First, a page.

Submitted by Joseph Mork (St. John’s University, USA), Bekezela Mephulangogaja (Nelson Mandela Metropolitan University), and Margaret Free (College of St. Benedict, USA).
In a media-saturated world funded by those who wish for their merchandise to appeal to customers, the practice of attaching the name of a famous individual to that product is both rampant and effective. Michael Jordan’s shoe brand, “Air Jordan”, is able to place significantly higher prices on their shoes because they are associated with the legendary player. Wheaties brand cereal is able to make a collector’s item out of their cardboard cereal boxes, because of the many famous faces they place on them. Trump Tower, in New York, is a building that many people have heard of because of the many exploits of Donald Trump, but many wouldn’t be able to tell you what happens inside it. The examples are nearly endless, but why is it that this marketing technique works so effectively, and in so many differing circumstances? It is because the name or face representing the product associates it with people who have done extraordinary things, and human beings naturally gravitate towards those who have done great things in their lifetime.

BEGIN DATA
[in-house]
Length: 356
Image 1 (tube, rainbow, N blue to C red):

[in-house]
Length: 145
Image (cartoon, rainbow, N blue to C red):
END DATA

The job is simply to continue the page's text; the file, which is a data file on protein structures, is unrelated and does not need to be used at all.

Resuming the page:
This holds true as well for those who have won the Nobel Peace Prize, and it is especially evident in the country from which the winner originates. The average person feels a deep sense of national pride when a countryman wins this coveted award, and anything associated with that countryman (memorials, landmarks, and even universities) gains a higher level of respect and reverence when they are named after a Nobel Peace Prize winner. A fantastic example of this is visible in South Africa, where the University of Port Elizabeth, once greatly valued by the apartheid government of the twentieth century (and reserved for whites only), has now become renamed as the Nelson Mandela Metropolitan University.
Mandela, along with his fellow South African winners Archbishop Desmond Tutu, Chief Albert Luthuli, and President F. W. de Klerk, have each had an impact on the country of South Africa, and their names continue to be associated, mostly positively, with the national landmarks that bare their names. Bekezela, a computer science major from Zimbabwe, says that the name of this university, and its obvious association with a Nobel Peace Prize winner, gave him hope for a positive college experience. “I wasn’t too sure about coming here originally”, he says, “but then I thought to myself, ‘you know, if this school is good enough to be named after the great Nelson Mandela, it must be all right’.” He went on to say that after spending the last few years of his life here, he was extremely happy with the connections he has made and the positive influence the school has had on his life.
Bek’s experience is one of countless instances that gives insight into the lingering effects that the reception of an award as culturally valuable as this can have on others. Reverence, respect, solidarity, and pride are all feelings experienced when considering a winner of the Nobel Peace Prize, and are feelings that can, and often do, outlast the time of the recipient and continue to influence the way in which we live our lives today.